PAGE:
According to the Report from the UN Office for the Coordination of Humanitarian Affairs (2016), Zimbabwe has, over the last decade, experienced a number of unprecedented economic, environmental and political shocks and stresses, many of which will have long-lasting impacts. Poverty, food insecurity, malnutrition, and environmental degradation are serious challenges in Zimbabwe, particularly in rural areas, and will continue to be challenging due to the effects of climate change. The macroeconomic situation that Zimbabwe is currently facing gravely exacerbates the problems associated with crop production.
Although there are significant differences in poverty rates among the ten provinces, it is most common and prevalent in the low rainfall areas of Matabeleland North and Matabeleland South provinces, falling within agro-ecological regions IV and V, receiving annual rainfall ranging between 400-650mm. Inyathi Communal Area is the proposed project area for the Good Gardeners Project. It lies within Bubi District of Matabeleland province of Zimbabwe and is administered by Bubi Rural District Council. The poverty prevalence is 88%. Project Justification Below is the overview of the severity needs in the project area. The households are particularly vulnerable to food insecurity due to their agroecological conditions. This situation is further aggravated by the poor and erratic rains in the last decade. The district has received less than 60 percent of its long term average rainfall.
The poor performance of the rainfall over the years has resulted in a significant decrease in the area planted. This has also been exacerbated by cumulative livestock deaths and population increase. Malnutrition rate is 5.7 percent, the highest ever reached in the past 15 years and 5 percent above the WHO cut-off point. The Severe Acute Malnutrition (SAM) rate for children aged 6-59 months was 2.1 percent which is slightly above the 2 percent threshold for emergency response in Zimbabwe. While the unavailability of potable water predisposes the community to water-borne diseases. Malnutrition also makes the community more vulnerable to all infectious agents. Drought and food insecurity has negatively impacted on children’s well-being and access to basic social services. In particular, it has affected their access to education 1 | Page s and diminished their learning opportunities in multiple ways.(e.g. increased student absenteeism, poor concentration in class, and hunger-related fainting at school ). This has also been exacerbated by the shortage of drinking water. On the other end, livelihood pressures on families has resulted in parents not being able to meet the cost of education, leading to drop out of children and involvement in other social activities in order to earn a living.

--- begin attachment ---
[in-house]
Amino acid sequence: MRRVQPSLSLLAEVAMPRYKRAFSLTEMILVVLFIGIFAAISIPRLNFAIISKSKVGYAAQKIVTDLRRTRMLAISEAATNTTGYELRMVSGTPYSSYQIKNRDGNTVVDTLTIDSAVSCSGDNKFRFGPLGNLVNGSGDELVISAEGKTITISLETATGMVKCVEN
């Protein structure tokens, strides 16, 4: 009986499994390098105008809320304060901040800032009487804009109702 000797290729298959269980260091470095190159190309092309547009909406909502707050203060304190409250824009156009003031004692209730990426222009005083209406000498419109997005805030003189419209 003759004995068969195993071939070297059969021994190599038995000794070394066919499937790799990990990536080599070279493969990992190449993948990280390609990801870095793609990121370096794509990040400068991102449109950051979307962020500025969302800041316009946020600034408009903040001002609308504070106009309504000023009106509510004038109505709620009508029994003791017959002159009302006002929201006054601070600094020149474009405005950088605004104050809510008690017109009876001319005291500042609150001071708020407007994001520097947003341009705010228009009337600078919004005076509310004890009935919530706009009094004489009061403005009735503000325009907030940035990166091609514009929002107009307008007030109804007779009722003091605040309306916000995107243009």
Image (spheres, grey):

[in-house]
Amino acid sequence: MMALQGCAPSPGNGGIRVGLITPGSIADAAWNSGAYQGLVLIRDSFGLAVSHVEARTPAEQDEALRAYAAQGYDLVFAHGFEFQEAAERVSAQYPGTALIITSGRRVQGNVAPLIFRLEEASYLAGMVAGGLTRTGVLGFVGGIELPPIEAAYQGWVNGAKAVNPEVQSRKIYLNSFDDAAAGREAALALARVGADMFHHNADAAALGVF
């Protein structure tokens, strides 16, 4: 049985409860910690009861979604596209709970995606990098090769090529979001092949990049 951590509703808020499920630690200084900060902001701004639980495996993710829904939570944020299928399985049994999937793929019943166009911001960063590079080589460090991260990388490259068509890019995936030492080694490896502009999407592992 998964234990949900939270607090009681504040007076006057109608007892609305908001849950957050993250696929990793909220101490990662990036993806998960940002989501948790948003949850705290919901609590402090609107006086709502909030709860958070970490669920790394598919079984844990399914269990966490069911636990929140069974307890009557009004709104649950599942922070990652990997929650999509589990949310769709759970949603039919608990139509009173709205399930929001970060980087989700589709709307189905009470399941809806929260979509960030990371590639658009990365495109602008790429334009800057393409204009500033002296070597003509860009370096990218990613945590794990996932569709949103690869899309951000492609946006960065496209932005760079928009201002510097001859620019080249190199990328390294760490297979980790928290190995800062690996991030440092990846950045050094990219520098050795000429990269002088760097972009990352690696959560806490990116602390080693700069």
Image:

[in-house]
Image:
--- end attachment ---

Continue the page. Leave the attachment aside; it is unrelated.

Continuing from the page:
There is a lack of water for both domestic, agricultural and livestock watering purposes. There is a high risk of water insecurity and this also compromises the viability of general gardening projects, sanitation and hygiene. This is why the HH-2 and HH-3 system are essential. Approach The relative severity of the need within the project area justifies the placement of the Good Gardeners waste management and sanitation system HH-2 and HH-3 respectively This system with the training given by the Good Gardeners team will suffice for all the objectives of the project. Objectives Households that have suffered significant crop write-offs and livestock losses should be the focus of the project interventions. Due to food insecurity, children, pregnant and lactating women’s access to diversified The Good Gardeners International project of composting with the HH-2 will minimize moisture losses both in the system of composting and in the soil. This ensures that the crops get the benefit of all the available moisture. This in conjunction with the installation of the HH-3 DRY toilets will ensure the available water resources are prevented from becoming contaminated by effluent runoff. The project aim is to increase the soil fertility to such a degree that it will achieve natural pest and disease resistance which will automatically increase the crop yield. No chemical fertilisers or pesticides are required with this system of agriculture and will thus save the community all the associated costs.
Rural households of Village 4, in Ward 11 of Inyathi Communal Area, Bubi District, and communities in Matabeleland North Province of Zimbabwe.
● The project will contribute to the following:
● Reduced food insecurity
● Improved soil fertility resulting in increased crop yields
● improved soil and water conservation